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Balkan countries can count on Azerbaijani gas

Monday, June 1
Azerbaijani gas is currently the only real salvation of Europe from Russian energy dependence. The Southern Gas Corridor project, initiated and implemented by Azerbaijan, particularly the Trans Adriatic Pipeline (TAP) for the supply of Azerbaijani gas, and in the future gas from other sources as well, has already justified the expectations of the main consumers in terms of the seriousness and success of this project. All work on the project goes according to schedule, no uncertainties, delays and obstacles are observed in its implementation.

Knowing all this and realizing that there is no alternative to Azerbaijani gas at the moment, an increasing number of European countries shows the interest to buy this gas. Even the Turkish Stream gas pipeline project promoted by Russia does not weaken it, on the contrary, strengthens the desire of these countries to use all available opportunities for obtaining Azerbaijani gas.

It is not surprising that the countries of South-Eastern Europe, the region linked to only one source of gas supply, show special enthusiasm in this issue. It would be at least strange not to take advantage of a chance, which now opens for them.

Two countries, Macedonia and Serbia, have recently made statements about support for the project of delivery of Azerbaijani gas. In 2014, the company supplied 50 million cubic meters to Macedonia, and 1.36 billion cubic meters to Serbia given the consumption of 134 million cubic meters and 3.2 billion cubic meters, respectively, according to Gazprom.

It is obvious that the consumption in these countries is small, and they do not need such a large project as the Turkish Stream. Macedonia has recently stated about that. Russian gas is too expensive, and the Macedonian authorities plan to gain access to the TAP pipeline, via which Azerbaijani gas will be delivered to Southern Europe, according to the Prime Minister of Macedonia Nikola Gruevski.

Azerbaijani gas can be delivered to this country and other countries of South-Eastern Europe, such as Croatia, Bosnia and Herzegovina, Montenegro via the Ionian-Adriatic Pipeline (IAP), which is planned to be connected to the TAP. The developers of this project are the company Plinacro (Croatia) and BH-Gas (Bosnia and Herzegovina), with which TAP signed a memorandum of understanding in 2011.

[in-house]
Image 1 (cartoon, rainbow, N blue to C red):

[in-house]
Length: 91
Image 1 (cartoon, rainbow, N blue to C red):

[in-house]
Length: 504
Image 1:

IAP pipeline with a length of around 516 kilometers will be connected to TAP in the city of Fier in Albania. The pipeline will pass through Albania, Montenegro, Bosnia and Herzegovina, and end in the city of Split in Croatia, where it will be connected to the existing gas distribution system of the country. From Croatia, the gas can go to Hungary and other countries of Central and Western Europe.

The capacity of the IAP will be five billion cubic meters per year. The pipeline will be capable carry out reverse supply.

Namely Azerbaijan is a potential source for the gas supply in this area, given the potential and plans of the country to increase production, as well as a small amount of consumption in these countries. Gas production on such fields in Azerbaijan as Absheron and Umid can fully ensure the supply of gas to the Balkan countries, and this may happen in the near future.

Thus, Azerbaijan will not only make a significant contribution to the energy security of Europe. Supplies of new, alternative gas volumes will provide competition on the European gas market, which will make the price of Russian gas for some countries more acceptable.